Built them. Me. It was another simple (learning) project. Ha ha, you can’t even see the wood (mistakes). We have a lot of cones of yarn. Projects line up. You can never have enough “stash.” Just ask any weaver. I’ve been to a few estate sales. There were tons of cones on sale for pennies on the dollar. I would have to say that the cones move from home to home circulating from weaver to weaver. Sometimes things are made… Anyway, there is a lot of stuff and an excellent color palette. And I hope some product is forthcoming. Meanwhile it’s nice to see color in the room. Oh! The cords are all up out of the reach of the cats.
New! We took apart silk worm cocoons. Yeah! That’s an actual worm inside. Don’t ask. PETA will be all over me. I eat meat too. Steak! Ham! Chicken! I’m not against them. (Ambiguous?)
Okay, soak the cocoons and then wind the silk off. I watched the YouTube. And then we screwed it all up. What I know? Wet warm water. A single fiber has great pull apart strength. We started with a couple – three strands and got it up to six or so. It worked pretty well. It looks a mess but in a beautiful way. Now too wash and then process. It’s not over. More to come…
It beats me? This cloth was crafted with the little mountains. Oddly mesmerizing, I was amazed at the ingenuity. How’d they think of that? Brilliant!
Fiber, it’s a new world for me. I’m following the process. The interim step is the spun fiber. It’s made into wondrous things – cloth. Pattern is a big part of the process. And this requires multicolored and multi-textured spun material. It’s a fascinating process. I like the graphical component. I like order. Some of the material seems ethereal. Try to focus. The woven products are myriad. Industrialization has made cloth inexpensive. We take it for granted in the everyday products we purchase for almost nothing. Synthetic and throw away it’s hard to believe that the craft is ages old. We value the handwoven and pay pennies for our everyday cloth. You shop Walmart for the price not the quality.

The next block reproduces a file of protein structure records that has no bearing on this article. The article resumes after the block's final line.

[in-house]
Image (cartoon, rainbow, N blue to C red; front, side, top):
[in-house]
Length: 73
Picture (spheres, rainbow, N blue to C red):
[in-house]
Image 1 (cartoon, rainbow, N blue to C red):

A long long time ago… I was in Peru. Recently, I remembered this image. I shot it for the graphics and color. We were visiting a llama farm. Native women were costumed and weaving. I shot the color and not the technique or style, or loom. Sorry. It was not important to me then. I suppose more detail and the hands would have been a nice touch too. But one image must suffice. It illustrates all. A single image is always an incomplete story. I can recall the trip and the place we were in. The image is an anchor. I remember much of the day. David had llama for lunch later. I would tell you it tasted like chicken, but no, it was more lean and stringy like beef. And in the big picture, we were in Peru because we had attended a wedding in Lima. This leg of the trip was to Cusco and on to Machu Picchu. I took a lot of pictures throughout the trip. This was my weaving photo. One image, a lot of memories….
From hoof to finished product – I’ve been exposed to a new hobby. I only have a passing interest. But the photo ops led me to see different sheep and appreciate the natural fiber as it was processed from animal to point of sale. The Common Ground Country Fair is a must stop for crafts including fiber. This encompasses much but mostly it involves wool. But there are many different types of sheep which leads to different textures and softness.
The wool requires processing and spinning before it can be woven. I bet you knew that. I just took it for granted. It does not naturally occur in Technicolor.
And the final finished product – well , the yarn – is a long way from the initial raw locks that are shorn.